Jumping Spiders Miss The Mark When Chasing Hairstreak Butterflies
April Flowers for redOrbit.com – Your Universe Online
Butterflies are vibrant and colorful insects, with colorations designed to deflect predators. A new study from the University of Florida reveals that some of these predator driven defenses may be caused by enemies one-tenth the size of the butterfly.
Since Darwin sailed on the Beagle over 150 years ago, scientists have theorized that the main influence on the evolution of coloration in butterflies came from large predators such as birds. UF lepidopterist Andrei Sourakov conducted the first behavioral study to directly test the defense mechanism of hairstreak butterflies. Sourakov found that the appearance of a false head – a wing pattern found on hundreds of hairstreak butterflies worldwide – was 100 percent effective against jumping spider attacks. These findings suggest that small arthropods, rather than larger vertebrate predators, influence butterfly evolution.
“Everything we observe out there has been blamed on birds: aposematic coloration, mimicry and various defensive patterns like eyespots,” said Sourakov, a collection coordinator at the Florida Museum of Natural History’s McGuire Center for Lepidoptera and Biodiversity on the UF campus. “It’s a big step in general and a big leap of faith to realize that a creature as tiny as a jumping spider, whose brain and life span are really small compared to birds, can actually be partially responsible for the great diversity of patterns that evolved out there among Lepidoptera and other insects.”
In laboratory experiments, the Red-banded Hairstreak butterfly (Calycopis cecrops) successfully escaped all 16 attacks from the jumping spider Phidippus pulcherrimus. Eleven other butterfly and moth species from seven different families were exposed to the jumping spider as well, and not one was able to escape attack.
“From the video, you can see the spider is always very precise,” Sourakov said. “In one video, the spider sees a moth that looks like a leaf and it walks very carefully around to the head and then jumps at the head region. The spider has an innate or acquired ability to distinguish the head region very well and it always attacks there to deliver its venom to the vital center to instantly paralyze the prey. Most importantly, the spider is very small, so sometimes its prey is 10 times larger.”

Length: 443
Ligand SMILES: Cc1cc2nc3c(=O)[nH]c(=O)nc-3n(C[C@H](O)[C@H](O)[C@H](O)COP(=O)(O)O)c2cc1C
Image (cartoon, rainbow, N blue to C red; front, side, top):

Both the Hairstreak butterfly species and the jumping spider species are common in the southeastern US, with similar relatives distributed globally. In their natural habitats, the butterfly and the spider come into contact when the butterfly lands on leaves or flowers to rest and feed. Leaf litter, where female Red-banded Hairstreak butterflies lay their eggs, are often crawling with spiders.
The research shows that scientists need to rethink what drives adaptive coloration patterns, said David Wagner, a professor of ecology and evolutionary biology at the University of Connecticut who was not involved with the study, because “birds are only part of the story.”
“I’m just so impressed with Andrei’s experimental protocol and the fact that the jumping spider could not catch the hairstreak butterflies,” Wagner said. “His empirical study will do much to cause us to rethink the vision and the visual acuity that certain invertebrate predators have when hunting their prey and how this has really molded how some organisms not only look like, but perhaps how they act, as well.”
Hairstreak butterflies, unlike other species, constantly move the hind wings that carry the false head pattern. This behavior seems to increase in the presence of the spider, as if the butterfly is attracting attention to itself. Hairstreak specimens in museum collections are frequently found with the false-head portion of the wings missing. In the experimental exposures, the spider always attacked the false head, avoiding its vital organs.
“The false head hypothesis in hairstreaks has been in circulation for a long time because people always speculated that their tails move around in order to fake out the predators, but there was little experimental evidence,” Sourakov said.
Sourakov would like his results to encourage behavioral ecologists to further test the idea that spiders may drive butterfly evolution.
“This clearly shows it’s possible that many spectacular patterns that we find in smaller insects may be due to spider pressure rather than bird pressure,” Sourakov said. “The butterfly escapes from the spider – it’s a fairytale story.”
The results of this study were published in a recent issue of the Journal of Natural History.